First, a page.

Why is nothing happening? asked Casper van Neirop, quoted in a New York Times column reporting on how the Dutch were reacting to the downing of passenger flight MH17 over the Ukraine. When will the government announce an official national day of mourning, asked Willem Vissers; Our leaders come across as cold and insecure, muses an NRC columnist. The overall thrust of the article was that the Dutch government, if not the Dutch people, were taking an all-too hands-off and detached view of the event, which killed nearly 200 Dutch nationals.
The American reaction would have been much more immediate and much stronger, I admitted to friends. We would want to do something, fix something, see justice served, hold someone responsible: express and act, strongly.
Soft Power, relying on cultural example and economic influence to persuade others in international relations, was never our way. Hard Power, political and military approaches, get results.
I think that the Times misses the depth of Dutch feelings, though, and in particular the way that the Dutch (in my experience) work things through.
There’s no question in my mind that the Dutch are deeply angry and sad about what has happened. It is the first and only topic of conversation. But there is a determined prioritization to their concern, first for the victims and in getting their remains back to their families. Most approve of the government’s public and private efforts to reach the site and to repatriate the victims, recognizing that this cannot be done in an atmosphere of anger.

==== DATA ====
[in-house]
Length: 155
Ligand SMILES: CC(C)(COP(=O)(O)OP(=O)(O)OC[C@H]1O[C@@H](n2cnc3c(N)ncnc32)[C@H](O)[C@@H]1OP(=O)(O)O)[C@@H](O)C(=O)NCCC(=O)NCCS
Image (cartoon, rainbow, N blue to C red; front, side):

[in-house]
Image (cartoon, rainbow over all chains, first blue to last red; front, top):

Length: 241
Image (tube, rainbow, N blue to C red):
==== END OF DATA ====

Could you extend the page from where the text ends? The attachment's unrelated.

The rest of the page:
There is also a patience to wait for the facts to sort themselves out. The Dutch tend to save their emotions until the full scale of the problem is clear, notes a commentator. The who fid it and how, why it happened and motives behind it, are animatedly discussed. As the news and opinion is gradually coalescing around a narrative and an identity, then towards measures that need to be taken to deal with the criminals and to prevent another tragedy.
Finally, there is the process of building consensus before acting. When surprised by events, the Dutch talk things through and argue about meaning and response until they come to a shared agreement. I remember how the ‘Polder Model’ governed our unexpected plant closure: there were daily meetings and discussion circles until everyone figured out how they all felt about it and what they would do next. Then the conversations and meetings stopped and everyone started acting in concert with one another. I expect that it will be much the same this time.
It’s one of those instructive cross-cultural moments when the differences in how societies process tragedies are really apparent. The failure of the Times was not to document how the process was unfolding, locally and quietly, but to judge the differences though their own cultural bias.